Kansas Documentary To Focus On Polio Survivors

By: Cayle Thompson Email
By: Cayle Thompson Email

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Nathan Guy works at the historic Fox Theatre in downtown Hutchinson.

In the next few months, he could also debut his first documentary in both the theatre where he works -- and before an international audience during this spring's Post-Polio International Health Conference in Georgia.

"I'd like them to walk away feeling inspired," Guy said Monday afternoon.

He got the idea for the documentary after visiting with the Central Kansas Polio Survivors Support Group, or CKPS.

[A link to the CKPS homepage can be found under the 'Related Links' section at the bottom of this article. A nine-minute preview of Guy's documentary can be found at the top of this page.]

"Nathan is a great guy," says CKPS co-founder Jean Graber, also a Polio survivor and part of Guy's documentary. "Our goal is to help him achieve this, because it will help us too."

Graber survived Polio in 1952, considered the most devestating year in the United States with an estimated 58,000 or more infections and more than 3,000 deaths. Graber spent six weeks in an iron lung, lost all use of her left arm, and partial use of her right arm. Graber says she did more than just survive the illness.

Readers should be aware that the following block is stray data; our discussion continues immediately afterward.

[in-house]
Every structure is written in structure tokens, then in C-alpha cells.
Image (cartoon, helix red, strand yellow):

"I adapted to life afterward," she says.

Graber went on to teach for nearly four decades, and today is a proud grandmother.

It's stories like Graber's that Guy wants others to hear.

"She's made it. It's not going to hold her down," Guy says. "She can go and do whatever she wants to do."

Guy's documentary, titled "Epidemic! Survivors' Spirit," will shoot during February, with editing planned in March and April.

Graber says the documentary will be used by several Kansas hospitals to help train nurses and doctors on how to better treat Post-Polio patients.

Guy hopes the documentary, which should run about an hour, will also remind today's generation of the challenges and obstacles that were overcome by those who came before them.

But Guy faces an obstacle of his own.

In order to complete the project, he needs $30,000 to pay for the equipment he'll need. Guys says he'll shoot the documentary in High Definition, a requirement in order to be shown at this year's Post-Polio Health Conference in April.

The Hutchinson Community Foundation presented Guy with a grant for $2,500 to get him started. Guy says he's since raised about 25% of his overall goal.

The 'Central Kansas Polio Survivors Support Group,' in connection with the Hutchinson Community Foundation, is taking donations specifically for Guy's project. His international debut is scheduled for the last week of April.

If you would like to help, follow the link below to the CKPS website, and click on 'Donate.'


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